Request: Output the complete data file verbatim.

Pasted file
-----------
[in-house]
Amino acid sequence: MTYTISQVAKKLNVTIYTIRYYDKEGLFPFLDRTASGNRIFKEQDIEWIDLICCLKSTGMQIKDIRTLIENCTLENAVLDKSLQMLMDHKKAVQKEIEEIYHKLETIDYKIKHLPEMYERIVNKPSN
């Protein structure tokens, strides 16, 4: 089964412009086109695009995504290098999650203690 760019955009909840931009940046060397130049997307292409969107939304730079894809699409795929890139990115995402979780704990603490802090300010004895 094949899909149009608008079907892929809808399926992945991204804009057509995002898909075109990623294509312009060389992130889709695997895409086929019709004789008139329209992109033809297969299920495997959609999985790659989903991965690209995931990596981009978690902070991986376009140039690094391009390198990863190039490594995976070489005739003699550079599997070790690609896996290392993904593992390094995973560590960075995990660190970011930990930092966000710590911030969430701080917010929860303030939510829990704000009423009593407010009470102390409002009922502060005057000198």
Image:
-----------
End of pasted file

[in-house]
Amino acid sequence: MTYTISQVAKKLNVTIYTIRYYDKEGLFPFLDRTASGNRIFKEQDIEWIDLICCLKSTGMQIKDIRTLIENCTLENAVLDKSLQMLMDHKKAVQKEIEEIYHKLETIDYKIKHLPEMYERIVNKPSN
């Protein structure tokens, strides 16, 4: 089964412009086109695009995504290098999650203690 760019955009909840931009940046060397130049997307292409969107939304730079894809699409795929890139990115995402979780704990603490802090300010004895 094949899909149009608008079907892929809808399926992945991204804009057509995002898909075109990623294509312009060389992130889709695997895409086929019709004789008139329209992109033809297969299920495997959609999985790659989903991965690209995931990596981009978690902070991986376009140039690094391009390198990863190039490594995976070489005739003699550079599997070790690609896996290392993904593992390094995973560590960075995990660190970011930990930092966000710590911030969430701080917010929860303030939510829990704000009423009593407010009470102390409002009922502060005057000198």
Image: